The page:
But, with riders; restrictions on discounts may change the structure of the sector
March 31, 2016: The Indian government led by Narendra Modi has allowed 100% FDI in online retail consumer business, which operates as a marketplace. Marketplaces are basically companies that act as a facilitator between buyers and sellers. However, FDI is not allowed in inventory-based models, where the company owns the goods that are being sold through its platform. In India, most large ecommerce players operate as marketplaces.
To bring clarity, the Department of Industrial Policy and Promotion (DIPP ) has also come out with the definition of e-commerce, inventory-based model and marketplace model.
Marketplace model of e-commerce means providing of an IT platform by an e-commerce entity on a digital and electronic network to act as a facilitator between buyer and seller.
The inventory-based model of e-commerce means an e-commerce activity where inventory of goods and services is owned by e-commerce entity and is sold to consumers directly, according to the guidelines.
A marketplace entity will be permitted to enter into transactions with sellers registered on its platform on business-to-business basis, DIPP said. However, an ecommerce firm will not be permitted to sell more than 25 per cent of the sales affected through its marketplace from one vendor or their group companies.
This could leave both Flipkart and Amazon in a fix. For instance, Cloudtail India brings in at least 40% of sales on Amazon India. Cloudtail India is a joint venture between Amazon.com and Infosys co-founder NR Narayana Murthy’s investment business, Catamaran Ventures.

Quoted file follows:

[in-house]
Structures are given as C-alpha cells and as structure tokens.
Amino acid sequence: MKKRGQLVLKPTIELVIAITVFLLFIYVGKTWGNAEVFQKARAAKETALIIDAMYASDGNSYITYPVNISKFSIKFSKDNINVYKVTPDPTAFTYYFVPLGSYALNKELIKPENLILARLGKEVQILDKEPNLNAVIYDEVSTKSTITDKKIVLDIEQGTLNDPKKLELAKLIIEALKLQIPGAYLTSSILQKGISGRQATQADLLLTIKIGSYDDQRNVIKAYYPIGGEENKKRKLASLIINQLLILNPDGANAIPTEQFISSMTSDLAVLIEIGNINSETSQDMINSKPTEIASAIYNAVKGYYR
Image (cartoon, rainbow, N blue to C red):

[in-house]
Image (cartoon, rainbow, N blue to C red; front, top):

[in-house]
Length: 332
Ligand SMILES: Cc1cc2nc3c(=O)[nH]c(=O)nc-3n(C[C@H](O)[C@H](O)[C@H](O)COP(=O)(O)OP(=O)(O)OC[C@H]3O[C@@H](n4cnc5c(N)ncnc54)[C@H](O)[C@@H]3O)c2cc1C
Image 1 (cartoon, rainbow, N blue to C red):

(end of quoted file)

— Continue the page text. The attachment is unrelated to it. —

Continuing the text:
Similarly, for Flipkart, WS Retail is the largest seller. The share of WS Retail is however not known.
Nasscom, an association which represents India’s IT sector, welcomed DIPP’s guidelines to introduce 100% FDI in e-commerce. “This is a clear indication that the government identifies marketplaces as an electronic intermediary, operating a technology platform to facilitate sales and transactions between independent third-party sellers and buyers.”
However, according to Nasscom, the 25% of the sales in the marketplace may prove to be restrictive, more so if the vendor sells high value items.
Both Flipkart and Amazon refused to comment on this development. But Snapdeal, which is another large player in the Indian market welcomed the move. Kunal Bahl, co-founder and CEO, Snapdeal, said, “It is a great feeling when you stick to the course that you believe in, pays off: Focusing on a pure marketplace and not doing inventory.” Unlike Flipkart and Amazon, Snapdeal does not have one single large player.
Another clause says that e-commerce entities providing marketplace will not directly or indirectly influence the sale price of goods and services and shall maintain level playing field. In other words, this clause will restrict the freedom of the e-commerce companies to offer discounts to buyers. This can be a roadblock to ecommerce companies since they thrive on discounts. The news however brings cheers to offline retail players who have long complained about the unfair discounts given to consumers online.